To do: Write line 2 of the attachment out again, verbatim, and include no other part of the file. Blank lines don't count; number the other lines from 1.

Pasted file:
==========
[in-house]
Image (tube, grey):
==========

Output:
Image (tube, grey):